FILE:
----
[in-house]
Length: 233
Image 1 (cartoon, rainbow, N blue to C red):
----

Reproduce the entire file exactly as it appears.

[in-house]
Length: 233
Image 1 (cartoon, rainbow, N blue to C red):